This week we speak with our project partner Elena Farca from Iasi Municipality (Romania) to discuss the progress of their Regional Action Plan and the objectives they would like to achieve.

What is the full name of your Action Plan? IASI Action Plan – Energy efficiency for better living. 

What is the aim? Iasi AP is aiming to promote the most adapted solutions to reduce energy losses in major sectors projects, based on good practices identified to CLEAN Project Partners, in the fields of public lightning, health and awareness.

And, what will be the main output? The main output will be the two new projects financed by ROP European funds (Iasi public lightning complete modernization and energetic rehabilitation and modernization of a large public hospital in Iasi) and an awareness campaign in schools.

What is the name of the policy instrument or instruments addressed?  The policy addressed is Romanian Regional Operational Programme 2014-2020. 

What would you highlight from the policy framework? This policy instrument is a national one - the Regional Operational Programme (ROP) for Romania. It aims to promote smart sustainable and inclusive growth in all regions making them more attractive places in which to live and work. The program addresses the major development challenges for Romania: regional competitiveness, sustainable urban development, the low-carbon economy, and economic and social infrastructure at regional and local levels. It contains 8 major Thematic Objectives including the main ones of RTD, SME competitiveness, promotion of low-carbon economy.

This project addresses the low carbon Thematic Objective, which contains four Investment Priorities. The relevant one is 4c - “Support effective energy, intelligent management energy and the use of renewable energy in public infrastructures, including public buildings and the housing sector”. In addition to buildings, this priority includes district heating, use of smart energy management systems, sustainable lighting (including public lighting) and new strategies for energy efficiency.  

Could you tell us a little bit about the background of your action? The City of Iasi, in common with most other parts of Romania, faces very serious energy efficiency challenges. This is as a result of a particularly energy inefficient housing stock, creating district heating systems to the point of unsustainability and lighting systems supplied by outdated electricity transmission systems. The need to improve upon these overwhelming challenges is reflected in design of the policy instrument and the fact that four of the possible six investment priorities are included in it - 4a (renewable energy production), 4c (public infrastructure/housing/lighting), 4d (smart energy distribution) and 4e (low carbon strategies).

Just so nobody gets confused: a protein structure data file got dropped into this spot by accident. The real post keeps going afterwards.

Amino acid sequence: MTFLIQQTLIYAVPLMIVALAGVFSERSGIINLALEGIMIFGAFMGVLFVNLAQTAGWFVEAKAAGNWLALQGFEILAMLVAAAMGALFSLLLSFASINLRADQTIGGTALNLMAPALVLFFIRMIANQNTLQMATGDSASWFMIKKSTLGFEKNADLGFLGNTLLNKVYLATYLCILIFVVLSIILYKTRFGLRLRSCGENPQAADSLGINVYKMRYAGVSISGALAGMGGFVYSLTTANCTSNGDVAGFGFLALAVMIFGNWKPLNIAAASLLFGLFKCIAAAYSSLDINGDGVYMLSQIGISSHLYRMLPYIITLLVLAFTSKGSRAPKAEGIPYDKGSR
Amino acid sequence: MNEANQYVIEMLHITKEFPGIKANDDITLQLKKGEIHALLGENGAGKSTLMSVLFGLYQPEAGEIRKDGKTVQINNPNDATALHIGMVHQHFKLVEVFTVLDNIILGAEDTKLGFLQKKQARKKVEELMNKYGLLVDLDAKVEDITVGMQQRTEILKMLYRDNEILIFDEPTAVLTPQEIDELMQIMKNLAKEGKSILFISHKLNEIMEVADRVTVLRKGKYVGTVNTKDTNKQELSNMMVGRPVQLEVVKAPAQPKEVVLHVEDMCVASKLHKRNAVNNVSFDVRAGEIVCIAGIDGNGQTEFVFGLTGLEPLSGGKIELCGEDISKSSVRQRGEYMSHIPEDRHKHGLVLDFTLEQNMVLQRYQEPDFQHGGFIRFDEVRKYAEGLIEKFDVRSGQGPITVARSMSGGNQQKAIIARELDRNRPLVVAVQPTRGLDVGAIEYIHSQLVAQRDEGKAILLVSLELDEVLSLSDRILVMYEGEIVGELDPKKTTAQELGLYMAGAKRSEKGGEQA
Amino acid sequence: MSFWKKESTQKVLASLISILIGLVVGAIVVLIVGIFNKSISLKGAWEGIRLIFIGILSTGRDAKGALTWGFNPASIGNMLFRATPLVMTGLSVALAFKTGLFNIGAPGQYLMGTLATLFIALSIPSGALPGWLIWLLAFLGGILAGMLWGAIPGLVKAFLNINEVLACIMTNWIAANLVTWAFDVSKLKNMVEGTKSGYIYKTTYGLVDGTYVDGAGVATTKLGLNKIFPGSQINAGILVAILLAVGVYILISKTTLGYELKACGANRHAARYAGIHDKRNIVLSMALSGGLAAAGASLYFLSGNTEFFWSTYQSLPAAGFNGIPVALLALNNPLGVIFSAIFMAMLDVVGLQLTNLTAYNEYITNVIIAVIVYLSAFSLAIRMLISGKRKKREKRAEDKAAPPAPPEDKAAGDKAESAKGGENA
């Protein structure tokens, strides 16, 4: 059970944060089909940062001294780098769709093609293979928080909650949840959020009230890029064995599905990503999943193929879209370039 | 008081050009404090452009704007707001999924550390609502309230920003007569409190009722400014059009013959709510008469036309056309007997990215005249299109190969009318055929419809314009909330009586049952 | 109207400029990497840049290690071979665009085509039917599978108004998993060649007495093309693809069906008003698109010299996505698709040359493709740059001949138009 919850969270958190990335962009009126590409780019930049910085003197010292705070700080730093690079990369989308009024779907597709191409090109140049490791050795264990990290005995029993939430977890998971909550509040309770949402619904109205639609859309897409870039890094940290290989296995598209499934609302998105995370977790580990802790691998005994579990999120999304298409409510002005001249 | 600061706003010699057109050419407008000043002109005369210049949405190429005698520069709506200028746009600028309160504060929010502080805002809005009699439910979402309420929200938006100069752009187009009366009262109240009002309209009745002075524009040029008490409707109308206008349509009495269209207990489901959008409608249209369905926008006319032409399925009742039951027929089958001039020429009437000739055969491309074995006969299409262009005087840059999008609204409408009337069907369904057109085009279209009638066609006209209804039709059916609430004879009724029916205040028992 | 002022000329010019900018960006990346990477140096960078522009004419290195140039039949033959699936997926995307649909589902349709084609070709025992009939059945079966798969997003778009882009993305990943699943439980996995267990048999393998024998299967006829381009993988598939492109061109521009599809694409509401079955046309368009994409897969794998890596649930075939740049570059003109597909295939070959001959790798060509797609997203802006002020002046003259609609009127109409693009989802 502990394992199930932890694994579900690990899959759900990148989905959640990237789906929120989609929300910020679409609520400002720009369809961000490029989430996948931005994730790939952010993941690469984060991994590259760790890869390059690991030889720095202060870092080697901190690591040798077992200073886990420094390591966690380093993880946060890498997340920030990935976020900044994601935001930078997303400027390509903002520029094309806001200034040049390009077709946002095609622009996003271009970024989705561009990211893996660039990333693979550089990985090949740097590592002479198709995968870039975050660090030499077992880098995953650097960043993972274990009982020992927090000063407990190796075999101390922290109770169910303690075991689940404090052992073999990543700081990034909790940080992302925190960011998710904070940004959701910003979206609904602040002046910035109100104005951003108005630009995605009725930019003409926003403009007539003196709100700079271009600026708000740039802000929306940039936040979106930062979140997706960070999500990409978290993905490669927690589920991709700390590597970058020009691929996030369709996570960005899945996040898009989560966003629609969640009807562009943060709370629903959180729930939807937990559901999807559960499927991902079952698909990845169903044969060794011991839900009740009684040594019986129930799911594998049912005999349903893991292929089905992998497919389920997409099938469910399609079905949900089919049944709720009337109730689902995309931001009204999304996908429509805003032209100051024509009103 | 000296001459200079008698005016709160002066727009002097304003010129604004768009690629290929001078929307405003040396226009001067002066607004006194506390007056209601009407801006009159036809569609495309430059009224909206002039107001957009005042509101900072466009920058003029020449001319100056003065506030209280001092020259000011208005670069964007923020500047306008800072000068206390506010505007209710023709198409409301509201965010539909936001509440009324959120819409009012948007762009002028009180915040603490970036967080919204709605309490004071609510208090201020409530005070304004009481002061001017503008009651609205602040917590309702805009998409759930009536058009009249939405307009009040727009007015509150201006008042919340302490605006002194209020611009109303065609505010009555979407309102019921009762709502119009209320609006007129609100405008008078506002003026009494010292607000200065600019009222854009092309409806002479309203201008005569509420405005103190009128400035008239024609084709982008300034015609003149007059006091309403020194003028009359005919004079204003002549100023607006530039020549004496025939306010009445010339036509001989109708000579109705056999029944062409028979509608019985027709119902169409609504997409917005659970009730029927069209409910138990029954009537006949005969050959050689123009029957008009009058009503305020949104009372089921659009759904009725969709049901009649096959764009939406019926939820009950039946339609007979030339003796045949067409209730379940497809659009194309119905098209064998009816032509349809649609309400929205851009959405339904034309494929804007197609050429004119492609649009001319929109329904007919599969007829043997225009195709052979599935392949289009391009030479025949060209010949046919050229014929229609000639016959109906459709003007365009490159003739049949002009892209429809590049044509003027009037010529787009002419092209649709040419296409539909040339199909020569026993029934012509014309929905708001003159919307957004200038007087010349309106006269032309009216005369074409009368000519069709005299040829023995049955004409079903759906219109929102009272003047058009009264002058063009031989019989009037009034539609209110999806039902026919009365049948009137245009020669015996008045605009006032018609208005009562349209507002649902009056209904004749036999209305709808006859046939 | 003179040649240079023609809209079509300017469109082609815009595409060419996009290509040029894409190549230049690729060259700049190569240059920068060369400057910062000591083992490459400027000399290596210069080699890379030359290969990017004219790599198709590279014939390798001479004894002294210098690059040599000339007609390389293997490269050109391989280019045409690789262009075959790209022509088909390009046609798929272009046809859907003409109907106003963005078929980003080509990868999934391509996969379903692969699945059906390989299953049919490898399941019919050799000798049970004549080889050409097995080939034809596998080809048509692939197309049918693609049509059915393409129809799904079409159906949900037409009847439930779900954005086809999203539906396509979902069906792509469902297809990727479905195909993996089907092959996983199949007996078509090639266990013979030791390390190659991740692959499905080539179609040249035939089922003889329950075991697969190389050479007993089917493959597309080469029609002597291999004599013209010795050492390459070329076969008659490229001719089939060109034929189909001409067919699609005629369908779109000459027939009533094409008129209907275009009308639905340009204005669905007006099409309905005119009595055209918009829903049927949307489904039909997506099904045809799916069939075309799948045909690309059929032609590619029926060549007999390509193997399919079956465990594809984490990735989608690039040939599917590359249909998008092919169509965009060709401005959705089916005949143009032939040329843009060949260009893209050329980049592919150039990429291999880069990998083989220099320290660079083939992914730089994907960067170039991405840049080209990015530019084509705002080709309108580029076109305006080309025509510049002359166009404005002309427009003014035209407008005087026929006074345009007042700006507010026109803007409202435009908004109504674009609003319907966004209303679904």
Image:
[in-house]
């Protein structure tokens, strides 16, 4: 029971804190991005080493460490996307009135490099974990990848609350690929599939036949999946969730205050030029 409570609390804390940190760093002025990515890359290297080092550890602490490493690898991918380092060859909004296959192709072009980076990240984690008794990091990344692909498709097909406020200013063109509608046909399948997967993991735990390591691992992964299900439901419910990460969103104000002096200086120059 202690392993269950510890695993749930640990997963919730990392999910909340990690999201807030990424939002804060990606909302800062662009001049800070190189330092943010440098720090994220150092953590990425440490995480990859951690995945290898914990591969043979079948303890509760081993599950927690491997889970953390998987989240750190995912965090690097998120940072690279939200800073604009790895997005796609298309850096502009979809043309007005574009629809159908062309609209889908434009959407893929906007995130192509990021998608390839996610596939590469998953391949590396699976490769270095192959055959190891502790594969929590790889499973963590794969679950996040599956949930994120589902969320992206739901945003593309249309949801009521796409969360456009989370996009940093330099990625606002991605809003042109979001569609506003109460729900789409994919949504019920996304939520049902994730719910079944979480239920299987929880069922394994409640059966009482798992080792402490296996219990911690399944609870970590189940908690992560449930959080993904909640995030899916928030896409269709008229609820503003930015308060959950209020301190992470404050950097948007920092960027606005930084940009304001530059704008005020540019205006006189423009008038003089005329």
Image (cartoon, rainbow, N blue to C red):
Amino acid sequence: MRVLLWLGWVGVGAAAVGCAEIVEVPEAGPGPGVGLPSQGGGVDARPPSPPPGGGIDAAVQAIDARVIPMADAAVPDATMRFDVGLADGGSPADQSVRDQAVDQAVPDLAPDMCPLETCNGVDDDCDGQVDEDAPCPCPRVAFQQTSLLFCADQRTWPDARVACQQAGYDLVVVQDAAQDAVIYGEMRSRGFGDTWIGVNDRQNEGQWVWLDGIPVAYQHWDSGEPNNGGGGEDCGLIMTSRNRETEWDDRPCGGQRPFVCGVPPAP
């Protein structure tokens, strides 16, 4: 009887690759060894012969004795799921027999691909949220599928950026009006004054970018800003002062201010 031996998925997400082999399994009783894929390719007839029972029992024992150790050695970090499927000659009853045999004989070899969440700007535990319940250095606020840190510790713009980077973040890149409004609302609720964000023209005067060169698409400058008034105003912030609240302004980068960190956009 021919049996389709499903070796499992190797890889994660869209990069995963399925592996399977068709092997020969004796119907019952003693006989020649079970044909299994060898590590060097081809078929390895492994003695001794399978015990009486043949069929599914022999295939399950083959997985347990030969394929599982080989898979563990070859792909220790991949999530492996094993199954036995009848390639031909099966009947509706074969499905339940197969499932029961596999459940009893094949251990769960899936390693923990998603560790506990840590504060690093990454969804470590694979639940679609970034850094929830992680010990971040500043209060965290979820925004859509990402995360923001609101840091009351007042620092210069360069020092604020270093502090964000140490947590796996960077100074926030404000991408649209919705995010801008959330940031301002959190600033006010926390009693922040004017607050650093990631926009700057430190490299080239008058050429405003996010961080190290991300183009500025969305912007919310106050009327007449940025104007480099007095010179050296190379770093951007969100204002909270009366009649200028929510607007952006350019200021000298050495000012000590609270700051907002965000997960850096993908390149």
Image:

The focus of this project, in the region is: that more than 75% of Romania's housing stock was built following World War II. In particular, Romania possesses the largest number of blocks of flats in Central Europe. Some 2.4 million apartments were built before 1985 and are in need of thermal insulation. During the communist era, public buildings and blocks of flats were constructed with low standards of energy efficiency. The minimum requirements for energy efficiency started to be applied only from January 1998.  

The residential and tertiary building sector (offices, commercial spaces, hotels, restaurants, schools, hospitals, sports halls, etc.) are the highest energy end-use consumers when heating, lighting, household appliances and equipment are taken into account. As regards the energy performance of non-residential buildings, their energy consumption is higher than of residential buildings.

District heating and public lighting account for a large proportion of public energy use in every locality, especially in cities. The reduction of energy consumption and CO2 emissions could be achieved by the application of innovative technologies and approaches that we have learned during exchanges on CLEAN project.

Why did you choose that specific action? The largest consumers of energy affecting widely the local budget are public lightening and public buildings (such as schools, hospitals etc). Reducing high consumption and improving energy efficiency in those areas based on good practices learned from other European cities can be a sustainable solution to deal with this major issue.

What is the impact that you are expecting? As mentioned before, the main impacts will be the sustainable reduction of energy consumption and CO2 emissions and also an important impact on our local budget.   

Which players are involved?  Local public administration, public hospital from the city, private companies actives on energy management, public lightning, district-heating company. 

Read the whole Regional Action Plan here.